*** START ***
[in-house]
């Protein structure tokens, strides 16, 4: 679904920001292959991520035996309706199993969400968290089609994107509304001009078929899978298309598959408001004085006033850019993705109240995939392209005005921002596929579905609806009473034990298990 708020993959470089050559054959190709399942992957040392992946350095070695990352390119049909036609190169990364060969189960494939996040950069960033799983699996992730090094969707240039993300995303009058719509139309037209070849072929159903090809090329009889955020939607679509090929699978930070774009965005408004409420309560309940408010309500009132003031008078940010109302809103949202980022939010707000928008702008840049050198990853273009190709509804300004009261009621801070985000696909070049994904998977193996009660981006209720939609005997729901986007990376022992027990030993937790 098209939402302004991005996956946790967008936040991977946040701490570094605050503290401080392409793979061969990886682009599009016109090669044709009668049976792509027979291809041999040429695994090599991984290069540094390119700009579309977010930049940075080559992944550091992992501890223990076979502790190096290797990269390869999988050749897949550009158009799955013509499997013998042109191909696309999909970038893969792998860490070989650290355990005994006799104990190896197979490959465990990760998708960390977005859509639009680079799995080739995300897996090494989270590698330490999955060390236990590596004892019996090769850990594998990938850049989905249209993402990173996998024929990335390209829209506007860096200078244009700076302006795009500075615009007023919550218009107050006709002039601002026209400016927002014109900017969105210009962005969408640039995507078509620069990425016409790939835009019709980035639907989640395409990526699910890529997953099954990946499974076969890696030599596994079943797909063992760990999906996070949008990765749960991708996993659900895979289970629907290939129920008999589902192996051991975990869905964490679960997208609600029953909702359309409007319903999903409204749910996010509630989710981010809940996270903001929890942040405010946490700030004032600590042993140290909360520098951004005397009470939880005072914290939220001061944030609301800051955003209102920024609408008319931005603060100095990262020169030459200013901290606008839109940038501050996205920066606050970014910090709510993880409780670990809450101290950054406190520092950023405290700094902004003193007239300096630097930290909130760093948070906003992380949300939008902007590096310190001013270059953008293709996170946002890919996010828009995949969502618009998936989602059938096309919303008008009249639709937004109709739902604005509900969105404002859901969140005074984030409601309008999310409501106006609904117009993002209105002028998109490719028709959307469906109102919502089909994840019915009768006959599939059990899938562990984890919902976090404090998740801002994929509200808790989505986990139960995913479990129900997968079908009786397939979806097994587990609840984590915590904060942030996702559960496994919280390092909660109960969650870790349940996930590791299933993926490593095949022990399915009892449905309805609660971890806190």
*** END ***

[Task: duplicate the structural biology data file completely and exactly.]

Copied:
[in-house]
């Protein structure tokens, strides 16, 4: 679904920001292959991520035996309706199993969400968290089609994107509304001009078929899978298309598959408001004085006033850019993705109240995939392209005005921002596929579905609806009473034990298990 708020993959470089050559054959190709399942992957040392992946350095070695990352390119049909036609190169990364060969189960494939996040950069960033799983699996992730090094969707240039993300995303009058719509139309037209070849072929159903090809090329009889955020939607679509090929699978930070774009965005408004409420309560309940408010309500009132003031008078940010109302809103949202980022939010707000928008702008840049050198990853273009190709509804300004009261009621801070985000696909070049994904998977193996009660981006209720939609005997729901986007990376022992027990030993937790 098209939402302004991005996956946790967008936040991977946040701490570094605050503290401080392409793979061969990886682009599009016109090669044709009668049976792509027979291809041999040429695994090599991984290069540094390119700009579309977010930049940075080559992944550091992992501890223990076979502790190096290797990269390869999988050749897949550009158009799955013509499997013998042109191909696309999909970038893969792998860490070989650290355990005994006799104990190896197979490959465990990760998708960390977005859509639009680079799995080739995300897996090494989270590698330490999955060390236990590596004892019996090769850990594998990938850049989905249209993402990173996998024929990335390209829209506007860096200078244009700076302006795009500075615009007023919550218009107050006709002039601002026209400016927002014109900017969105210009962005969408640039995507078509620069990425016409790939835009019709980035639907989640395409990526699910890529997953099954990946499974076969890696030599596994079943797909063992760990999906996070949008990765749960991708996993659900895979289970629907290939129920008999589902192996051991975990869905964490679960997208609600029953909702359309409007319903999903409204749910996010509630989710981010809940996270903001929890942040405010946490700030004032600590042993140290909360520098951004005397009470939880005072914290939220001061944030609301800051955003209102920024609408008319931005603060100095990262020169030459200013901290606008839109940038501050996205920066606050970014910090709510993880409780670990809450101290950054406190520092950023405290700094902004003193007239300096630097930290909130760093948070906003992380949300939008902007590096310190001013270059953008293709996170946002890919996010828009995949969502618009998936989602059938096309919303008008009249639709937004109709739902604005509900969105404002859901969140005074984030409601309008999310409501106006609904117009993002209105002028998109490719028709959307469906109102919502089909994840019915009768006959599939059990899938562990984890919902976090404090998740801002994929509200808790989505986990139960995913479990129900997968079908009786397939979806097994587990609840984590915590904060942030996702559960496994919280390092909660109960969650870790349940996930590791299933993926490593095949022990399915009892449905309805609660971890806190």